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The Few The Proud The Thin


In a report released last fall by the Organization for Economic Co-Operation and Development (OECD), the United States is the fattest of 33 countries. Mexico and New Zealand are next runners up with India and Indonesia the thinnest.

Luckily the report didn't break US obesity down state by state or we'd have further shame.

Seventy percent of Americans are now overweight says the report, a number which will balloon into 75 percent by 2020, pun intended.

And ten years after that? By 2030, 86 percent of Americans could be overweight says an article in the journal Obesity.


Food researchers indict the couch and mouse lifestyle with its ubiquitous commercials for high cal foods for expanding haunches, especially in kids. After all, it's been decades since moms locked kids outside with a bottle of water and the instructions "don't come back until dinner." Nor did kids have cells. One grandmother says she took the grandkids to the seashore only to find they wouldn't leave the motel room because of their countervailing electronic relationships.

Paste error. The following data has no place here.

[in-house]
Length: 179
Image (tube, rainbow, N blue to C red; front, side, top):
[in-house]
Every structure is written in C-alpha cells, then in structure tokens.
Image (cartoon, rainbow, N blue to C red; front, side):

But the demise of the family dinner is also a factor says the Star-Tribune. Structured, please-pass-the peas family meals - anybody remember? - gave a sense of safety and security to children at the same time they modeled normal eating. When someone's dinner date is the TV, they often scarf and scarf the wrong food because they lose track or no one is watching.

In fact, the National Center on Addiction and Substance Abuse found that substance abuse itself is lower in families that eat together three times a week, food being many people's preferred substance.

Of course there are other reasons for the national glut.

Food deserts (not "desserts," though related) make it hard for people to stay thin. A 2010 study by the University of California, Berkeley and Columbia University found 9th graders whose schools are close to fast food restaurants are fatter. And The New York Times found that both adults and children who ride public transit are thinner. Walk a lot but not to Wendy's seems to be the message.

Size inflation also contributes to obesity - and its denial. Women's size fives are now size zeros and stretchy leggings always "fit." And how about hip hop looks that aren't supposed to fit anyway?

There are also more food "ops" today with snacks available in banks, bookstores, body shops and hospitals and of course many smokers are eating more as they try to quit cigarettes.

At least they get to be indoors.

Martha Rosenberg is a columnist and cartoonist, who writes about public health

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